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The Debt Adviser

What it takes to provoke the repo man

Dear Debt Adviser:
I cannot afford to make my car payment this month. If I miss one payment, can they repossess my car? I will be able to make the payment within a month.
Kelley

Dear Kelley:
It is not likely that your lender will repossess your car after one missed payment, however, depending on the loan contract and state law, the lender may have the right to do so.

In many states, the creditor or lessor may legally seize your vehicle as soon as you default on your loan or lease. Check your loan agreement and determine what constitutes default in your state.

If you're in default, your creditor may repossess the vehicle if it believes you will not honor your loan agreement. Once repossessed, the creditor may sell your car in either a public or a private sale to recover a portion of what is owed. Depending on the laws in your state, you may be entitled to know the date of the sale.

If you are thinking that it might be best to just go ahead and let them repossess your vehicle, your troubles will not be over when your vehicle is sold. In fact, you will be trading one set of troubles for a worse set. Although the sale of a repossessed vehicle must be conducted in a commercially reasonable manner or according to standard custom in a particular business or an established market, this does not mean the car will sell for the balance you owe. It only means that the sale price may not be far below fair market value.

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You will be responsible for the difference in what the creditor collects from the sale of your car and the balance due on your loan. This is called a deficiency balance and your creditor can obtain a judgment against you in court to collect the deficiency. For example, if you owe $5,000 on the car and the creditor sells the car for $3,000, the deficiency is $2,000 plus all sorts of fees you owe under the loan contract default provisions. So, with this course of action you end up with the worst of both worlds. You still owe a payment, but you have no car. I've seen the interest on a deficiency balance increase dramatically, because the person is now a bad risk, resulting in a payment not much less than the original one that can go on nearly forever! As a bonus, your credit report will show the default and you will have all the expensive issues that go with bad credit. However, failure to sell the car in a commercially reasonable manner may give you legal recourse for damages or defense against a deficiency judgment. But don't bet on getting much satisfaction from this route. It will involve expensive attorneys, litigation and more stress than anyone would like.

I've taken you down this dark road on purpose to answer your question regarding repossession. There is a better route. Now for the road that I recommend you travel. Contact your lender before the payment due date and let them know that you are having trouble meeting this month's payment on time. The sooner you talk to them, the better your chances of getting a favorable response. If you already missed it, call anyway before you miss a second payment. Penalties and fees may take a big chunk out of your next payment before it is applied, and you could be further behind than you think. Be prepared to give a firm date by which you will make the payment and to assure them that the following month's payment will be made on time. If you have a good story about why you were late, tell them. It's really none of their business, but it is their money, so be prepared to explain. In the end they are people too, and often will cut you some slack if you communicate the whole situation. Ask about penalties and fees. Ask if they can be waived once you make the next payment on time.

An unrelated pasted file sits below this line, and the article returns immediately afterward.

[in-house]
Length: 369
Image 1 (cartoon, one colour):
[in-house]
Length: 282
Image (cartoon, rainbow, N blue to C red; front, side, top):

I do not know why you are experiencing difficulty making this month's car payment, but it is imperative that you find out. Your inability to pay a scheduled payment may be a sign of significant financial problems. You have me worried about the state of your finances. I hope I have successfully passed that worry on to you. I recommend that you review the following exercises and implement any that you are not currently using.

  • Develop a spending plan to take control of your monthly spending. The plan lets you decide how and when to spend your income.
  • Begin to put aside three to six months of living expenses in an emergency savings account. This will take time, but it will help you avoid using already committed money such as your car payment for emergency expenditures.
  • Determine your debt- to-income ratio. If you are spending more than 15 percent of your gross monthly income to satisfy unsecured debt payments (credit card or personal loans), do your best to pay down the debt as quickly as possible.
  • Stop all credit card purchases unless you have a plan in place to pay off the balance.

There, I feel better already. The rest is up to you!

The Debt Adviser, Steve Bucci, is the president of Consumer Credit Counseling Service of Southern New England. Visit CCCS for additional debt advice or click here to ask a debt question.

-- Posted: May 30, 2003

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